Lowe’s introduced an advertising campaign in mid-September — “Never Stop Improving” — to “inspire” customers “to innovate and improve their homes,” Chairman and Chief Executive Officer Robert Niblock said on a Nov. 14 conference call.

The company experienced “above average” sales in building materials, tools and hardware during its fiscal third quarter, Chief Financial Officer Robert Hull said the same day.

‘Perform Well’

Similarly, Home Depot’s electrical and plumbing sales outpaced comparable-store results during its third quarter, Craig Menear, executive vice president of merchandising, said on a Nov. 15 conference call. “The maintenance and repair categories that make up the core of our store continued to perform well,” he said.

Masco Corp. (MAS), a Taylor, Michigan-based maker of Delta faucets and KraftMaid cabinets, said its third-quarter sales to “key retail customers,” excluding the impact of exiting some businesses, “would’ve been up low single digit,” President and Chief Executive Officer Tim Wadhams said on an Oct. 25 conference call. Sales to these customers — which include Home Depot and Lowe’s — rose from the prior quarter, indicating business is improving sequentially, Ciccarelli said.

The outperformance of housing-related stocks may be short- lived if the economy weakens and interest rates go even lower, Gayed said. The yield on 10-year government bonds has hovered around 2 percent since the beginning of November, Bloomberg data show.

No ‘Meaningful Tailwind’

Another sharp decline in home prices also “would severely disrupt” recent improvements in residential investment and put strain on these retailers, he said. Lowe’s has announced it is closing 27 stores this year, while its competitor doesn’t “expect to see in the near term any meaningful tailwind from the housing market,” Home Depot Chairman and Chief Executive Officer Frank Blake said Nov. 15.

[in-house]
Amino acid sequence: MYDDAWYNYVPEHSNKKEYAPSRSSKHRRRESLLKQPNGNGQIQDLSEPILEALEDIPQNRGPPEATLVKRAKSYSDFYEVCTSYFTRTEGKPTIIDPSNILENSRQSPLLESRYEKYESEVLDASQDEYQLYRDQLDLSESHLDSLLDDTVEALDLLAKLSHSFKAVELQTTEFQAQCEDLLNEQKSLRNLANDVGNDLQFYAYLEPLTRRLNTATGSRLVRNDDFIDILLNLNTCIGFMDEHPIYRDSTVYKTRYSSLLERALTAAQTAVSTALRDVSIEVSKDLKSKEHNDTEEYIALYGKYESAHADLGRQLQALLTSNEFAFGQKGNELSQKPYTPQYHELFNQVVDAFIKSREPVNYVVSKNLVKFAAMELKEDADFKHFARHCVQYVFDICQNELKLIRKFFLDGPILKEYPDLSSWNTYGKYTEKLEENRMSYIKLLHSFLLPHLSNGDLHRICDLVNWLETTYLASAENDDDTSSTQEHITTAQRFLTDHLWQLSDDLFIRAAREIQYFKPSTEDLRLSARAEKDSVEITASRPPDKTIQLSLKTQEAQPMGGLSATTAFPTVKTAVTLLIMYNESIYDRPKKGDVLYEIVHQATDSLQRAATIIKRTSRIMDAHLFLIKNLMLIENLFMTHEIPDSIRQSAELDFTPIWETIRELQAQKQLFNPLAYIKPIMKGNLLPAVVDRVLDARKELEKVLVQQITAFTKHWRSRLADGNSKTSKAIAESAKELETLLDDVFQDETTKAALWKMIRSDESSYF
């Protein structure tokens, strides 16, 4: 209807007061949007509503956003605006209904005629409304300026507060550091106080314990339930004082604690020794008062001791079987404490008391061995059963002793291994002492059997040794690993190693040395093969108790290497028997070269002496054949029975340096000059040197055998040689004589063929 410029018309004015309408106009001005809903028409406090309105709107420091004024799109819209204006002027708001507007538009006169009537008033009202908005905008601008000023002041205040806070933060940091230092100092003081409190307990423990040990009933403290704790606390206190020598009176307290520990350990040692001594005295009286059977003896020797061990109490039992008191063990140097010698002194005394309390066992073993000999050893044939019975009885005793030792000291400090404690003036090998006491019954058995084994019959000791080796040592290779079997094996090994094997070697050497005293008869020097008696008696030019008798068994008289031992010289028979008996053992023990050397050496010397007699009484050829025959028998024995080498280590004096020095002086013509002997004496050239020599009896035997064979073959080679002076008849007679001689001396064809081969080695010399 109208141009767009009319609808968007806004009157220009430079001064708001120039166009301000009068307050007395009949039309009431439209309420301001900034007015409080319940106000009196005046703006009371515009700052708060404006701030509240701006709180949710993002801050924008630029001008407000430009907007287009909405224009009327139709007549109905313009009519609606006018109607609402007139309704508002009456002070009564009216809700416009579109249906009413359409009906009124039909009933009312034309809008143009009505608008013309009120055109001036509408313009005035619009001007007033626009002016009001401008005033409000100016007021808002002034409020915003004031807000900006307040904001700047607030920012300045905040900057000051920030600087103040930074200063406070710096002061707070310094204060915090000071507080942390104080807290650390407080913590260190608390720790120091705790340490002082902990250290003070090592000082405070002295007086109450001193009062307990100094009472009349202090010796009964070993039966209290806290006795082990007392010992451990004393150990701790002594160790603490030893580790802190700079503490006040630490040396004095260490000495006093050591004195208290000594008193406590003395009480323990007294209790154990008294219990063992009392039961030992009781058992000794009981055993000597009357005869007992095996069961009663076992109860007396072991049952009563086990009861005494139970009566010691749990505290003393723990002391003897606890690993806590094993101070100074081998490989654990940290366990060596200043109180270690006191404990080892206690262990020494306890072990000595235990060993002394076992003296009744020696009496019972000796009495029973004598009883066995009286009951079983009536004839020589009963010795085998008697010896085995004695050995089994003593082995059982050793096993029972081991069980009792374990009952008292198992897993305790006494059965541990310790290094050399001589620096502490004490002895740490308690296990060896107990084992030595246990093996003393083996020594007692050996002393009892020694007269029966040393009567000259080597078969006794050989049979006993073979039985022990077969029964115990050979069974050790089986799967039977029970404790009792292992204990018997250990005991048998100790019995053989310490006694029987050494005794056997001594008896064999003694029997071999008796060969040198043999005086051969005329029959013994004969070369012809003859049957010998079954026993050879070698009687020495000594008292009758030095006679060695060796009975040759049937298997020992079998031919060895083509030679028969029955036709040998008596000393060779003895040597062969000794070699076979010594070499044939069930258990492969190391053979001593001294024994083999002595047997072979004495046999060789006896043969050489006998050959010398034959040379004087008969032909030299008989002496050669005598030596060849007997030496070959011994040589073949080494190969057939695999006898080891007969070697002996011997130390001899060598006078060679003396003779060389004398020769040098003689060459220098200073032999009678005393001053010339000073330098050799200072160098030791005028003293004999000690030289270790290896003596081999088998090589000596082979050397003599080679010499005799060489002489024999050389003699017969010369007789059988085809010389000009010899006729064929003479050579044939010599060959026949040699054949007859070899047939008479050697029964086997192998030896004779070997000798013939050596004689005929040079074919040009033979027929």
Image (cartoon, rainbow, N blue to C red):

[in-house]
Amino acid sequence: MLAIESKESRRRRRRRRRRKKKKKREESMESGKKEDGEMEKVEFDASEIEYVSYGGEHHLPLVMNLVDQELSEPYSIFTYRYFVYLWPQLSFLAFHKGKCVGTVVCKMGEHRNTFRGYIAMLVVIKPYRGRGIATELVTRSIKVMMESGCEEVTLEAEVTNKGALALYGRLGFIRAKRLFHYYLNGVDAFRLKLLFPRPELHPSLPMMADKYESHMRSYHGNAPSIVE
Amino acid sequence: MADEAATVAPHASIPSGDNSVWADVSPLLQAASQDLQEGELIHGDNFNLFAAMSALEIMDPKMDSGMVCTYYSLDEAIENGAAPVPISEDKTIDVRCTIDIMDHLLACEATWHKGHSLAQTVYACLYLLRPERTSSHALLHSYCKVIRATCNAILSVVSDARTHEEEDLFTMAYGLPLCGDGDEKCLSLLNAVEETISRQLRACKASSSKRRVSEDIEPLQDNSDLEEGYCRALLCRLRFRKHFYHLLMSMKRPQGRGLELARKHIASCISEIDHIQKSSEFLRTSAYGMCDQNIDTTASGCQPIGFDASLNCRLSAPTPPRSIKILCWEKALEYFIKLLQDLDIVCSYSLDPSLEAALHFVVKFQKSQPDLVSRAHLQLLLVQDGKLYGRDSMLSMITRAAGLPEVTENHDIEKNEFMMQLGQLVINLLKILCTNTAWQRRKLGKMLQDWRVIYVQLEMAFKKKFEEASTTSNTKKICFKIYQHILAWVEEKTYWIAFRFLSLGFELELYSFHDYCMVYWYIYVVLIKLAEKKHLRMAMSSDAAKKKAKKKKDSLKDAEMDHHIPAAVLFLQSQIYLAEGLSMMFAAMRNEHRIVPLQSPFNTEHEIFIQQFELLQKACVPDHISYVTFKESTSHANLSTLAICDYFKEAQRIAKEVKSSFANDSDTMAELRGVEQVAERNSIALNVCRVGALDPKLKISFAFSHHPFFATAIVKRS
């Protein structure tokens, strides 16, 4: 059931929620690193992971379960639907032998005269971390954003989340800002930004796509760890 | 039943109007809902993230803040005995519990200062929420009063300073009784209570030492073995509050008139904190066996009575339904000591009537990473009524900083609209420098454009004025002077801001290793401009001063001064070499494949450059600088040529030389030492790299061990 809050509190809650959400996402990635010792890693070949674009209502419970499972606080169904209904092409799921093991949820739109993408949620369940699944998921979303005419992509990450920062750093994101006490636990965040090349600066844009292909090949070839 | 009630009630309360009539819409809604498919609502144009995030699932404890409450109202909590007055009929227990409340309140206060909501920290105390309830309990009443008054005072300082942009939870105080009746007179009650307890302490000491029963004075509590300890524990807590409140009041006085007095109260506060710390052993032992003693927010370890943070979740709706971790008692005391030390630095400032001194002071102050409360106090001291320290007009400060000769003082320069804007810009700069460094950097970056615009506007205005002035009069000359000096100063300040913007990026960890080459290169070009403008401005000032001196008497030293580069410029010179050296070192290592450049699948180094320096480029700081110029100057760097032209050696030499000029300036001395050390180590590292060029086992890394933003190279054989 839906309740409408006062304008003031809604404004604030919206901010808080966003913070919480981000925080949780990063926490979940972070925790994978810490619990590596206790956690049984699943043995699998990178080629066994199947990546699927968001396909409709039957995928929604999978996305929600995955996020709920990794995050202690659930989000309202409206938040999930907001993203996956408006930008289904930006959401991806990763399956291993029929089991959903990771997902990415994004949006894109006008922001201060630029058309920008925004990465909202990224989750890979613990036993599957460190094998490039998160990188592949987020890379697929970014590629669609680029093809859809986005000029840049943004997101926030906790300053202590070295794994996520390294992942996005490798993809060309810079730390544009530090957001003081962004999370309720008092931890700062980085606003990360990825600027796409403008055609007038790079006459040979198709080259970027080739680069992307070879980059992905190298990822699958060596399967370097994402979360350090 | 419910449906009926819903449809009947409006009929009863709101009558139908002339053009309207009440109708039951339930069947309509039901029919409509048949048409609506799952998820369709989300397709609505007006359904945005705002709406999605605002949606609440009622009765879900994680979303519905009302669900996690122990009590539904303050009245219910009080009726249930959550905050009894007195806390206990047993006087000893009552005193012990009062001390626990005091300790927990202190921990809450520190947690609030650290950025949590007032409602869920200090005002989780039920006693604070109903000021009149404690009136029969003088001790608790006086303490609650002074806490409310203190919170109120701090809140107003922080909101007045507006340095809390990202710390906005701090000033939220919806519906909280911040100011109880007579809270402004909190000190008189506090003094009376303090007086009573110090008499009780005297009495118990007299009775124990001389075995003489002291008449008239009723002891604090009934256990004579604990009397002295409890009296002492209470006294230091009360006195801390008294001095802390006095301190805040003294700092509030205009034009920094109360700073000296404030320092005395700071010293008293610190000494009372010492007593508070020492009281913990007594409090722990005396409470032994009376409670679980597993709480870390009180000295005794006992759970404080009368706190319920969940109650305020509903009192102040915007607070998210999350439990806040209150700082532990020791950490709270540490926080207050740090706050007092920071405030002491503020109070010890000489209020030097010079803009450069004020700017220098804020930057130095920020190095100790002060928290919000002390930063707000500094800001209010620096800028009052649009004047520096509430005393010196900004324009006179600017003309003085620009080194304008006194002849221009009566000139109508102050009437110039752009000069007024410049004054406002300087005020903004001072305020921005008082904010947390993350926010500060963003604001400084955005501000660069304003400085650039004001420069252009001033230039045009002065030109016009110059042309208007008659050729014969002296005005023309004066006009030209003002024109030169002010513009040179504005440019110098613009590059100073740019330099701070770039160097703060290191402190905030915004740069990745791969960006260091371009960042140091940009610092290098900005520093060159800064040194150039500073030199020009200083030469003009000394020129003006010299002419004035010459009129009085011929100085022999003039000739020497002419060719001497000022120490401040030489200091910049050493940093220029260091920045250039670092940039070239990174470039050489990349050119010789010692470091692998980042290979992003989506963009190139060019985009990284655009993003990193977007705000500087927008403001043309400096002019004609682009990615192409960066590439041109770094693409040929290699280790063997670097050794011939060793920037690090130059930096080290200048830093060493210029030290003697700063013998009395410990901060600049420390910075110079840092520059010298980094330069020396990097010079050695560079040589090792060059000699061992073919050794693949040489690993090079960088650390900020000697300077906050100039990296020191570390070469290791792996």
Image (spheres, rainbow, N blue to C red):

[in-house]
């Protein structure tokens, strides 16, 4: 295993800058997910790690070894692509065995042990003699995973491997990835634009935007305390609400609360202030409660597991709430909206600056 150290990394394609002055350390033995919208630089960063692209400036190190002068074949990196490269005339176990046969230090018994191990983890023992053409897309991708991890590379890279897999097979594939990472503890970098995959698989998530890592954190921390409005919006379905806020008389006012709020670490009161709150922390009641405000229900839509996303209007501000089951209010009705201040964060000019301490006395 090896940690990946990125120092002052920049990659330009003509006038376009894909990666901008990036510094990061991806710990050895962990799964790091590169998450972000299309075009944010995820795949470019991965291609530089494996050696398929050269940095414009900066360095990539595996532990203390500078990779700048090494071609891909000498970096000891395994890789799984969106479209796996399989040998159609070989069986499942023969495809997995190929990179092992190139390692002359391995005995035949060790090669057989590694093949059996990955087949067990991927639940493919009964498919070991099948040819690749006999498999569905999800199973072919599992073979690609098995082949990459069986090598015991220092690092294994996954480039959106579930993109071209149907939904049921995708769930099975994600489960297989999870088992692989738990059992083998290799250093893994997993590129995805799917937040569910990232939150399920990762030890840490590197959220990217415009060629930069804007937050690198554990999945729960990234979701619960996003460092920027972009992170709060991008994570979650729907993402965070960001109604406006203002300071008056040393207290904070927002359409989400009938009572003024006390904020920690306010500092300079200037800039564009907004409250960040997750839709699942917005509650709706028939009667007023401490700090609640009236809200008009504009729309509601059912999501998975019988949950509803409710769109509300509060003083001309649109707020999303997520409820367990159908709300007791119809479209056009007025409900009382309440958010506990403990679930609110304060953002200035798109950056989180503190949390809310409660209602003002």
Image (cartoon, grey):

Activity has “remained very weak, held down by the large overhang of foreclosed and distressed properties, along with limited demand in an environment of uncertainty about future home prices,” Federal Reserve policy makers said at their November meeting, according to the minutes.

There are some signs of life. Sales of previously owned homes unexpectedly rose 13.5 percent in October from a year ago to a 4.97 million annual rate, the National Association of Realtors reported Nov. 21, beating the 4.8 million estimate in a Bloomberg News survey. This marked the fourth consecutive month of year-over-year increases, though sales are still 16.9 percent lower than they were in 2009.

Growing Confidence

Consumer confidence also rose this month by the most since April 2003, as the Conference Board’s index increased to 56 from a revised 40.9 reading in October, the New York-based private research group said yesterday.

Investors are taking a more sanguine outlook on home- improvement spending as owners have pushed off repair projects for as long as possible, Gayed said.

Recent government initiatives “could be useful steps toward stabilizing the housing market,” Fed policy makers said in November. Expanding the Federal Housing Finance Agency’s Home Affordable Refinance Program — announced in October — is one approach that may get this industry “back on its feet,” Price said.

“Allowing many of the people with high loan-to-value mortgages to refinance not only increases the likelihood that they stay in their home, but it also provides them with some additional monthly savings,” he said.

Even amid a negative macroeconomic backdrop, Americans may feel more comfortable renovating their homes than spending on other discretionary items, Ciccarelli said, adding that the most-recent increase in private-residential fixed investment suggests “a bottoming process is occurring” in housing.

“We’re seeing the early signs of positive inflection,” he said. “It’s not big, but it’s still moving up.”

By Anna-Louise Jackson and Anthony Feld

Courtesy of Bloomberg News